Do Republicans Like Trump? Latest Poll Shows Least Popular President Ever Is Starting To Lose His Base

President Donald Trump's base hasn't abandoned him, but at least one poll this week found support had slipped slightly among Republicans.

The latest weekly survey from Lucid found 71.85 percent of Republicans approved of the job Trump was doing as president. That's a decent result but not exactly stellar popularity among one's own party. It also represented a more than 3 percentage point drop from the week prior, when Trump registered 75.21 percent approval among Republicans. Overall, the latest Lucid survey pegged Trump's approval rating at just 35 percent. 

While the Lucid survey found Trump's support among Republicans had fallen, the latest poll from Survey Monkey found it held steady. The poll from Survey Monkey released this week found Trump's support among Republicans stood at 85 percent, exactly the same figure as the week prior. It found Trump's approval rating overall was 41 percent.

Earlier in the month, a poll from Morning Consult/Politico found 82 percent of Trump voters would vote for him again in a re-do of the 2016 election. But the same survey did find that 8 percent of Trump voters would defect to a generic Democrat candidate in the 2020 election. 

It's also worth noting that a number of fellow GOP politicians have become relatively frequent public critics of the president, chiefly Arizona Senator Jeff Flake and Tennessee Senator Bob Corker, both of whom plan to retire after their respective terms. Flake has gone as far as to say Trump's actions were "dangerous to our democracy."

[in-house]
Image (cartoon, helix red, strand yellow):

And overall Trump remains a quite unpopular president. The weighted average from data-centric website FiveThirtyEight pegged Trump's approval at about 38 percent late in the week. The FiveThirtyEight average weights a number of public polls, adjusting for the surveys' quality, recency, sample size and any partisan leanings.

According to FiveThirtyEight's tracker, that marked the worst approval rating at Day 302 of a presidency in the history of modern polling. And it wasn't particularly close. Former President Barack Obama, for instance, boasted an approval rating of 51.4 percent at the same point. 

Trump is coming off a trip to Asia, a 12-day excursion he seemed to have felt went well but apparently did little to boost his popularity. The former reality TV star called the trip a "tremendous success" while declaring "America is back" as he delivered remarks upon returning to the states.

"America’s renewed confidence and standing in the world has never been stronger than it is right now," he said. "This is exactly what the world saw: a strong, proud and confident America."

But if his latest approval ratings are any indication—FiveThirtyEight pegged Trump's average disapproval rating at 55.5 percent late in the week—much of the country wasn't exactly proud of the leader representing them overseas. 

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